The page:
Transition to a low-carbon future
Transition is a social experiment on a massive scale. In just five years, 870 Transition initiatives in 34 countries have started to develop community-scale resilience to the energy and climate challenges ahead. We want, now, to catalyse and deepen take-up of the Transition innovation approach.
Describe the critical need your solution addresses.
Few communities are well-prepared for the imminent peak of conventional oil production, and the adjacent need to reduce carbon dioxide emissions to reduce climate change. If we wait for the governments, it'll be too little, too late; if we act as individuals, it'll be too little; but if we act as communities, it might just be enough, just in time.
Explain your initiative in more depth and its stage of development.
Transition works collaboratively with communities to replace fear of climate change and peak oil with hope and meaningful work. Transition initiatives create awareness of climate change and peak oil and focus on the creation of locally-inspired projects involving local food, energy efficiency, renewable energy and resources. By acting as a community, rather than as individuals, they are able to take more effective, ambitious and high impact actions, as well as build the resilience of their community, which will be important in a more localised society.
The Transition concept was initiated in Kinsale, Ireland, and Totnes UK. In Kinsale, permaculture lecturer Rob Hopkins and his students learned about peak oil and responded by researching and developing an Energy Descent Action Plan for the Kinsale community. Rob moved to Totnes, where a group of local people came together to create Transition Town Totnes, in 2005-2006.
Inspired by this, the Transition innovation spread virally and rapidly as an inspirational grassroots movement. Within five years, there are now 870 communities pioneering a Transition approach, in 34 countries. Transition Network was set up as a support organisation to help answer a growing flow of enquiries and requests for information, guidance, training, support and practical ideas, from communities inspired to find their own solutions to the challenges of peak oil and climate change. We have set up an international network of 95 Transition Trainers in 25 countries who can help provide training on a local basis, and National Hub organisations to provide local support and networking in 12 countries.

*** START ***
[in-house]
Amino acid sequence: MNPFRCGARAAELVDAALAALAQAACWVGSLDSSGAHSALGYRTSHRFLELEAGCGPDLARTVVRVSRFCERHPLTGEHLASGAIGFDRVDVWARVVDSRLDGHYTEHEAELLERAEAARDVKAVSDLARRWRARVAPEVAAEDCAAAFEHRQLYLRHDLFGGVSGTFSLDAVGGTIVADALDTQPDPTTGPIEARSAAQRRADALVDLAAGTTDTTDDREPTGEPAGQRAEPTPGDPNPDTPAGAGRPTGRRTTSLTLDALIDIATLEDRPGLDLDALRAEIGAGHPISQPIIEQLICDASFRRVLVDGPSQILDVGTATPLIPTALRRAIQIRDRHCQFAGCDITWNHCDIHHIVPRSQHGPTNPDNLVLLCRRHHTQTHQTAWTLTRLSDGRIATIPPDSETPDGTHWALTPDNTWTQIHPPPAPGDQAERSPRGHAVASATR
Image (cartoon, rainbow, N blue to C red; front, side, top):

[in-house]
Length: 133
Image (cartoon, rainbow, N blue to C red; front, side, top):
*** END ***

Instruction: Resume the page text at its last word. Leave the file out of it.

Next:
Examples of the remarkable changes already achieved in many communities include Transition Lewes’s community-owned renewable solar energy company, Transition Brixton’s local currency, or Marsden and Slaithwaite Transition Town’s community-owned shop selling, and increasing production of, a wide range of local food. Transition initiatives are taking off in the favelas of Brazil and are responding to the economic crisis and protests in Spain and Portugal. More deprived communities such as Jamaica Plain, Boston, USA and Eastfield, UK are focussing the Transition approach on solving community problems of fuel poverty, food security, and local employment.
How does your strategy and approach respond creatively and comprehensively to key issues?
Transition takes a strong self-organising, and grassroots-led approach. We are a living example of the Trimtab principle as described by the Buckminster Fuller Challenge. Transition Network has a small staff of 12, but has been able to catalyse and influence a grassroots movement involving many thousands of people globally. The largely self-organising and community-led approach allows the rapid scaling up and replication of the innovation.
The work of each of these communities is hugely inspired and nourished by being part of an international whole through Transition Network. We provide support and training relevant to groups at different stages and those who are just starting to explore the issues. We help Transition initiatives through advice on the best way to run groups, raise awareness or run practical projects. We facilitate effective sharing of ideas and resources between initiatives, including through our highly interactive networking website, which had 345,000 unique visitors in its first year, and our monthly e-newsletter received by more than 10,000 Transitioners.
Transition principles are inspired by another Buckminster Fuller insight: the system-scale rule, that large scale problems require small scale solutions within a large-scale framework. In this spirit, our activities are grounded in global environmental and resource limits, but respond to specific community needs and culture in each local area. The Transition innovation has been a breakthrough because the concept has very wide appeal globally, for people to take it on and own it locally.
Transition initiatives are starting to have real effects on economic relocalisation, and have catalysed the launch of a huge range of environmental and ecological projects. There is a strong creative and story-telling element to Transition techniques and approaches.
The Transition message also includes peak oil, which can inspire a greater range of people to recognise its reality and relevance to their lives. So much of what we hear about climate change, peak oil and sustainability is deeply disempowering, often leaving people feeling scared and hopeless. The Transition approach enables people to find a way past that through communal action.